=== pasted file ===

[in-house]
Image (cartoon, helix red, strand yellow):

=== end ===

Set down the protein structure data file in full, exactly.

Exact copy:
[in-house]
Image (cartoon, helix red, strand yellow):